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Memories of the 28th Century


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I was writing a note about text randomizers to a friend who wasn't acquainted with them, and that reminded me of the ability to recognize ambiguity, cognitive dissonance, and related skills. That reminded me of something that happened a few decades ago, and from there I decided to see how those stacked up, and the whole time, I was thinking about trust, and knowing people, and tolerance for ambiguity.

It all started in the mid-1950's, when after an afternoon of hard playing in the woods, my older sister and I went home, in the hope that supper would be available soon. We were a little early, but my sister was hungry, so I suggested that she go in and find out how long it would be and what we would be having. Our maternal unit hated being bothered about what was for supper, and that was why I suggested that my sister ask.

She went inside and asked, and a minute later she came outwith a strange look on her face. So I asked, “What's for supper?”
“Flies,” she replied. The she went in more detail and said, “Flies and vinegar.”
I knew my mother pretty well, and I knew she wouldn't serve flies and vinegar. She may not have been a great cook, but there were limits. So I said, “I'll go in and find out about it.”
I'm not sure whether that was the Summer when I was four or five, but that was before I had started school.
I did go in, and I went into the kitchen and played at being a little kid: “Momma, I've never had flies and vinegar. How do you make it?”
My maternal unit had a slightly amused look, and she said, “I would never serve flies to my family. I was kidding. We will be eating in a little while. Now, go out and wait.”
As I turned to leave, I said, “That's what I thought.”
Outside, I said to my sister, “We going to have something else, but she wouldn't say what.”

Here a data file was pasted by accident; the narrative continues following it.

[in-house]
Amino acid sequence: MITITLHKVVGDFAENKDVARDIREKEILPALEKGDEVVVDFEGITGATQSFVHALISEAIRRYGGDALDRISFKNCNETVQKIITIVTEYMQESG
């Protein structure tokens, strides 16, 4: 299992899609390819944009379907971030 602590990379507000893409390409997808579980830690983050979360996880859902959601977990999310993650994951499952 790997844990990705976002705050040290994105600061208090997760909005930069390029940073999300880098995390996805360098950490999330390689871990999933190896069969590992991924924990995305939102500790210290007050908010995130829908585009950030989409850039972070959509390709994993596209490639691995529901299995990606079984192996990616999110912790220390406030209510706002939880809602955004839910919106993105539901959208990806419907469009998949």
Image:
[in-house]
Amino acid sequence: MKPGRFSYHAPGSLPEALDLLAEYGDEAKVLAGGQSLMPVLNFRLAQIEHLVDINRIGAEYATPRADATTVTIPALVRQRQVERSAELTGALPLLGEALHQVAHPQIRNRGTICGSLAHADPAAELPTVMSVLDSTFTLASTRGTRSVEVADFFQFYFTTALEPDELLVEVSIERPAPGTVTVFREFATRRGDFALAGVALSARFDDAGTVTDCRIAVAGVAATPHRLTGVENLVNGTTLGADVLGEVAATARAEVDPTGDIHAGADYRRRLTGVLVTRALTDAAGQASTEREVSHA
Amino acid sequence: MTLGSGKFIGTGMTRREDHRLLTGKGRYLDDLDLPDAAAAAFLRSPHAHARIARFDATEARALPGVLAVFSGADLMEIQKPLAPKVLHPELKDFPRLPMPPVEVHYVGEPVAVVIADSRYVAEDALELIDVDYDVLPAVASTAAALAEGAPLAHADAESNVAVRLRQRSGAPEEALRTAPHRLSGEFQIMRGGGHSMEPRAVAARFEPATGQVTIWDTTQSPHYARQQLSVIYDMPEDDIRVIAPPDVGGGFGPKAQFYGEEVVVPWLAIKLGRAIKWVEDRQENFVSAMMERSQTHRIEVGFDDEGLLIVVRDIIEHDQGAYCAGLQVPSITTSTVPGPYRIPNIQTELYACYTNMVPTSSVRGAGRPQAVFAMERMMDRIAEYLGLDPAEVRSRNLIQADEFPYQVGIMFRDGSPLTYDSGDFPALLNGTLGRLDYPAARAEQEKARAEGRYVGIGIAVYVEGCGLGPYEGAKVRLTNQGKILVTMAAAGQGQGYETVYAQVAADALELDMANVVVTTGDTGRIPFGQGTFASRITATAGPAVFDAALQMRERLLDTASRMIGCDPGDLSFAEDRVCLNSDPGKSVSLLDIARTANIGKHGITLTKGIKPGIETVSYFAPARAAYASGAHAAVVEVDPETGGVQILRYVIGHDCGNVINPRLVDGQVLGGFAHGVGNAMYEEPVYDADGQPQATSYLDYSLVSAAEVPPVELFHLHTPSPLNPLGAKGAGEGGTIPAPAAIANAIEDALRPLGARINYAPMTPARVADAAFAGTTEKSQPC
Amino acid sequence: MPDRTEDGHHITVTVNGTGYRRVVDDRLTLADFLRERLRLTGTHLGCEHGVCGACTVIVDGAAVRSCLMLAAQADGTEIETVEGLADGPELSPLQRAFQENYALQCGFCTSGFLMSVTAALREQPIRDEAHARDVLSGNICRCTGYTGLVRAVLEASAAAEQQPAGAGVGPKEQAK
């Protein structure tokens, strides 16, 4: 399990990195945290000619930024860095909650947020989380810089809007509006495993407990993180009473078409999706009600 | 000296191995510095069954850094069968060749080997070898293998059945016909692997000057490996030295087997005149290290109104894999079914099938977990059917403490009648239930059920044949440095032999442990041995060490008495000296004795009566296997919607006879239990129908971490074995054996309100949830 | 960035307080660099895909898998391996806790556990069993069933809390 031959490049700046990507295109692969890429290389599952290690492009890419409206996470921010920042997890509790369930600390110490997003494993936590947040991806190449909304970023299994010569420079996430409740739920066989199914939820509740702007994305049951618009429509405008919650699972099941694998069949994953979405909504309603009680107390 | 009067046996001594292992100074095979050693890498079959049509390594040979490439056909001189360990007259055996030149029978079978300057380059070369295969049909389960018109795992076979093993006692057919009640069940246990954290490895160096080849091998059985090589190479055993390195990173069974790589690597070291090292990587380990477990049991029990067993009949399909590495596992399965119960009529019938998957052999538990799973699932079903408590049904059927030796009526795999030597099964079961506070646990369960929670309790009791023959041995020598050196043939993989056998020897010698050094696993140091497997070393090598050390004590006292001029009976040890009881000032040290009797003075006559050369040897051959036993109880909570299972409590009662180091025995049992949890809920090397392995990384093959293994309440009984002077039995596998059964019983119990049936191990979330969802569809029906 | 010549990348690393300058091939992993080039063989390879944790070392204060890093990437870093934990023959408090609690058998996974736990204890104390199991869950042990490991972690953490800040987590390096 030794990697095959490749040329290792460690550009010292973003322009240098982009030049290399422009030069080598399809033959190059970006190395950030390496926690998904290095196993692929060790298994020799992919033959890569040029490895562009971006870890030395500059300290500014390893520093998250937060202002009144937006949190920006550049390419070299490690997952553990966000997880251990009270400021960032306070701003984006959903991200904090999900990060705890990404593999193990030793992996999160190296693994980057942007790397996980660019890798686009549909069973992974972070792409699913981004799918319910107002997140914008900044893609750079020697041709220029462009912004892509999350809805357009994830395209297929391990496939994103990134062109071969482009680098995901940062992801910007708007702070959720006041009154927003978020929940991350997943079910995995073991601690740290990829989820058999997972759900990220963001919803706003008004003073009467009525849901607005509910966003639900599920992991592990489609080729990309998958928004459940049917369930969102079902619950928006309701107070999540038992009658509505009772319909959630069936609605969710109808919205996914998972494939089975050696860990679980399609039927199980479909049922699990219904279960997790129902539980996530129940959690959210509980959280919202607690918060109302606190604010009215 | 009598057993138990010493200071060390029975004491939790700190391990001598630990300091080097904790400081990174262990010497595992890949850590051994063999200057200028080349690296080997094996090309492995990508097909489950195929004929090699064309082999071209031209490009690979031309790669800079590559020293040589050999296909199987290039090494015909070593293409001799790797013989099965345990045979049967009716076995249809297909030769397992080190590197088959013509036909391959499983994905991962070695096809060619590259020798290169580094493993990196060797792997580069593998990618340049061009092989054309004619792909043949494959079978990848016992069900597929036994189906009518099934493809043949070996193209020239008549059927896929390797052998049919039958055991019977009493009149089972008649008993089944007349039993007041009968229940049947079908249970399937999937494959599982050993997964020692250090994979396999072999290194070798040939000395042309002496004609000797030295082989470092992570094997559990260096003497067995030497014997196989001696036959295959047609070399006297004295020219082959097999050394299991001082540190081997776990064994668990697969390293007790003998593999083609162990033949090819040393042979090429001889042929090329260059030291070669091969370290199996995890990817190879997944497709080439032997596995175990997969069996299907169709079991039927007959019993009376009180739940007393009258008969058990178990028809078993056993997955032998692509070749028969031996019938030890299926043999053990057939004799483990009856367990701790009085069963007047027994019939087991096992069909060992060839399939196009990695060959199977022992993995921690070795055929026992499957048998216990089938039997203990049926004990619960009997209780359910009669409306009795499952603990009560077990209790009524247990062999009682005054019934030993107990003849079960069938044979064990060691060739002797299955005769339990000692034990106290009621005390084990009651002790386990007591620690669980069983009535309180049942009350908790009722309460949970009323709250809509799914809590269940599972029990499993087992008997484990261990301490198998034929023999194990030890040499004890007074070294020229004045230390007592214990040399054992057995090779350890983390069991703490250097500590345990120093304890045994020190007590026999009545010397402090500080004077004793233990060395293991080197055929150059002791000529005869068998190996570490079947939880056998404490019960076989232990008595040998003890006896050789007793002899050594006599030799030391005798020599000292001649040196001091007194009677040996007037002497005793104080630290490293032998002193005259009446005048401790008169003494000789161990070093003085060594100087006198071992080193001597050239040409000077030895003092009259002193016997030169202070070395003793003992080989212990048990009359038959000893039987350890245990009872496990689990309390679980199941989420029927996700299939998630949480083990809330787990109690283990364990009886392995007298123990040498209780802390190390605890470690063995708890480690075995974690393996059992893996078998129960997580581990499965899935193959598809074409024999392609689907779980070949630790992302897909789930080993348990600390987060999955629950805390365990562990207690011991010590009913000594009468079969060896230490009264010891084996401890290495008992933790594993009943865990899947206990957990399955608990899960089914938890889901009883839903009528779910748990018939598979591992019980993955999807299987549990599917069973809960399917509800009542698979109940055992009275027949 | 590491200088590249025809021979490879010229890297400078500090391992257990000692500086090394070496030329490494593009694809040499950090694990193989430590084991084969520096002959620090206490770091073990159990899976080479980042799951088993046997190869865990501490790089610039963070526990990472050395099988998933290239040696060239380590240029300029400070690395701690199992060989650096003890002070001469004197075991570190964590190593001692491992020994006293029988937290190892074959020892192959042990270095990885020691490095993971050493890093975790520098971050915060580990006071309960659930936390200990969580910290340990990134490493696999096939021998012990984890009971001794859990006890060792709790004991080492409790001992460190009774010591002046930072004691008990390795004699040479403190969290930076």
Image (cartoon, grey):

That little back and forth showed several things, including cognitive dissonance, tolerance for ambiguity, fundamental knowledge of people, and a few other social skills. The ability to understand people implies the ability to detect meaning or meaninglessness in their speech, and that applies to the output of text randomizers, also. Another nonsensical sort of writing that is interesting, and even tantalizing, is the 'cut-up' method, in which a written work is cut into little strips and pasted together in a different order, When I was young and foolish, I read a couple of novels by William S Burroughs that were processed that way. The text randomizers are just a computerized way to cut up and paste, but the cut-up method has clauses and sentences that are grammatical and make sense, while the computerized versions may be technically grammatical, but they do not have complete sentences. The cut up method seems like it makes sense, but it is only one sentence at a time, while the text randomizers simply do not make sense, even though they have all the right words. Both produce cognitive dissonance.

With my sister, my mother, and myself, there was cognitive dissonance, but we handled it differently. My mother and I understood the dissonance, and we had adequate tolerance for ambiguity. So we resolved the ambiguity, while my sister didn't understand, and she did not resolve the ambiguity.

Text randomizers do not provide much useful information in and of themselves, but people tell a great deal about themselves through their reactions to text randomizers. When I posted a bit from the the New Age Bull**** Generator, there were several people who wondered if I was becoming a guru, or what, but I had been pressed for time, so I hadn't posted the origin of the “wisdom”. When I got a chance, I apologized and added the origin. The best satire is almost indistinguishable from reports about the matter involved, and**** is that good.

The Postmodern Generator is roughly the equal of the New Age generator. The Postmodern Generator had its origin in an attempt to mock postmodernism and its expression. The one who created the generator used it to create a paper for presentation at a conference, and the paper was accepted. At the conference, the creator had a number of friends who were aware of the ruse. When the creator was about to start presenting the paper, the friends started laughing.

Using such generators is like a Turing test, just as unravelling meaning in natural speech is an intelligence test. There are other facets and other applications for these text randomizers, but a thorough treatment would require a small book, or more.

Updated 02-07-2021 at 10:58 PM by PeterL